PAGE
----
Greater Gifts

Greater Gifts is a deck that revolves mainly around the two most broken Dragons in the Kamigawa block, Kokusho the Evening Star and Yosei the Morning Star. Alone those cards are extremely powerful, but the deck takes that one step further by throwing Goryo’s Vengeance and Greater Good into the mix. Not only does sacrificing one of the Dragons mean you’ll gain a huge card advantage over the opponent and thin away the useless cards, but it also means a reanimated dragon won’t get removed if sacked to the Greater Good, the ability will trigger, and the game will swing into your favor. Typically this is done to abuse Yosei’s ability which gives you basically a free turn over the opponent.

Beating Greater Gifts isn’t as easy as beating some of the aggro decks that you’ll run into, because this deck is strictly combo-control. One of the ways you can at least give the opponent a hard time is if you use Cranial Extraction to remove their copies of Yosei the Morning Star from the game. That way the opponent will not be able to pull a lock on you and leave you in a terrible situation. Playing Faith’s Fetters or Pithing Needle on Greater Good won’t necessarily stop the deck, but it will slow them down quite a bit. Another way you can at least give yourself one-up over the Greater Gifts player is to throw down an Ivory Mask. That way you can’t be targeted by Yosei’s ability and they’d have to skip their own untap step since they’re the only legal target for the ability.

Ghost Dad

Ghost Dad is build to annoy the opponent with the searching capabilities of Tallowisp. In the typical build you will only see four creature enchantments being used (three Pillory and one Strands of Undeath), but the fact that the deck can get them so efficiently and quickly is what makes the deck powerful. A majority of the nonland cards in the deck are either Spirit or Arcane, so it is not hard to trigger the “Spiritcraft” ability on the Tallowisp to fetch a game-winning enchantment to either be played on an opponent’s creature or pitch to a Shining or Sickening Shoal, which would allow them to get another enchantment and completely null the Shoal’s disadvantage of losing a card to play it for free.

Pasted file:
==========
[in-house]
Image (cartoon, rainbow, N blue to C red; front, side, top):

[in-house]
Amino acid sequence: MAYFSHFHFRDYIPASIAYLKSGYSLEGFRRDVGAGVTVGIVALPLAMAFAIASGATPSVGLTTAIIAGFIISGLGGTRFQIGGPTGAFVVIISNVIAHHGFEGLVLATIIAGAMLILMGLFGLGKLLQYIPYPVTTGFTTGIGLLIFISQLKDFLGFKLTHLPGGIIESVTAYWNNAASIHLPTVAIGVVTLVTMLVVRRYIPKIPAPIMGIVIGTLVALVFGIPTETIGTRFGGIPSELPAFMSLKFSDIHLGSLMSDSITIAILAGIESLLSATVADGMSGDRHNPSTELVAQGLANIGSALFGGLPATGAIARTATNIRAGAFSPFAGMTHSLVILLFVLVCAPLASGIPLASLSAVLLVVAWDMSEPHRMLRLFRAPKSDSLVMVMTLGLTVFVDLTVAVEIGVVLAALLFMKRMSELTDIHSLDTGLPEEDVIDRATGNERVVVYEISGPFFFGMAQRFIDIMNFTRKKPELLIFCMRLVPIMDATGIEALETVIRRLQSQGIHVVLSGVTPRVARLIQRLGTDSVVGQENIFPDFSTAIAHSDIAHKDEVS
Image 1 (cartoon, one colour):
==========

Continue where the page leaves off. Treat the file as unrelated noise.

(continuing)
While the deck may seem like it’s got a lot of power behind it, the deck is actually quite vulnerable. Once they are done grabbing their enchantments with Tallowisp, the card does nothing more than sit out there and defend, while occasionally attacking. That’s where you can come in with Mortifies to destroy the opposing Pillories and completely moot the ability. This deck is also quite weak to decks that revolve around “comboing out” such as Heartbeat Maga since they won’t be able to get enough attacks in to defeat them. Just make sure you watch out for Cranial Extraction and Pithing Needle when they go to Game 2, since those cards can shut down your chances of winning easily.

Alright. So now I’ll win Regionals! :D

Just because you have a good idea on how to beat the top decks in the format doesn’t necessarily mean you’ll be able to incorporate that properly into your strategy. I’m sure there are still a lot more decks that I haven’t mentioned that you might end up running into. It takes a lot of time to figure out the perfect build you can use in order to win your matches, and if you don’t do it properly it could backfire on you. Watch the decks and the players carefully. See how they play the deck, and use that knowledge to your advantage.

I will be heading to the Chicago Regionals in the outfit in my picture, so if you are going there and would like a bit of help feel free to talk to me. I’ll be more than happy to help, as long as you’re not asking how to beat my deck. :P

E-Mail: OrconStores@yahoo.com
AIM: OrconStores

Copyrightę 1998-2006 pojo.com
This site is not sponsored, endorsed, or otherwise affiliated with any of the companies or products featured on this site. This is not an Official Site.